Additionally, the Coronavirus Aid, Relief, and Economic Security Act (CARES Act) allows employers to remove restrictions that funds in FSAs, health reimbursement accounts and HSAs cannot be used for over-the-counter medications.  This is not a requirement that employers relax this rule for their FSA plans, but it allows them to choose to do so.

Summary of benefits and coverage

There are new Summary of Benefits and Coverage (SBC) materials and supporting documents that must be used for all plans that incept on or after Jan. 1, 2021.

Please remember that any changes to benefits in your group plan must be reflected in the SBC plan document and summary plan description.

The takeaway

2021 is fast approaching and with all the chaos of 2020, it would be wise to get a head start on understanding changes in store for the plans you offer. This would benefit both you and your employees.

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Uncategorized

Insurers Don’t Have to Pay for Testing Returning Workers: HHS

New guidance from the Trump administration absolves insurers of the responsibility of paying for COVID-19 tests that are required for workers who are returning to the job.

The guidance, released by the departments of Health and Human Services, Labor and Treasury, means that employers will likely either have to foot the bill themselves as they screen workers during the pandemic or pass those costs on to their workers. But in states that require employers to test workers, passing testing costs on to staff is usually not an option.

There had been some confusion about who would pay for the tests after the Families First Coronavirus Response Act required insurers to cover COVID-19 tests without patient cost-sharing. The new guidance has added a new caveat to that rule: that insurers cannot require health plan enrollees to pay for the test if it is deemed “medically appropriate” by a health care provider.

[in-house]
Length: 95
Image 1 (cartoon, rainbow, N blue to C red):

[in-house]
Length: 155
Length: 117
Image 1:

“Testing conducted to screen for general workplace health and safety (such as employee “return to work” programs), for public health surveillance for SARS-CoV-2, or for any other purpose not primarily intended for individualized diagnosis or treatment of COVID-19 or another health condition, is beyond the scope of section 6001 of the [Families First Coronavirus Response Act],” the guidance states.

Resistance from advocacy groups

The guidance was met with resistance from employer and consumer groups, with the advocacy group Families USA arguing that the nation’s workers should not be saddled with additional costs during these economically uncertain times.

Employers can require employees to be tested before returning to work, but the Pacific Business Group on Health said it would be highly unusual for a large employer to require testing for employees without paying for the tests in full.

Democrats have asked the administration to withdraw the guidance, but the White House has said it won’t and that it would like to see Congress come up with a solution in its next economic stimulus package for the coronavirus pandemic.

The HHS has said that states should use the $10.25 billion that lawmakers appropriated for testing to help pay for tests of returning workers.

Insurance companies may opt to pay for such tests anyway, as a precautionary measure. America’s Health Insurance Plans, however, is calling on more government support to cover the costs, which it says could be between $6 billion and $25 billion annually.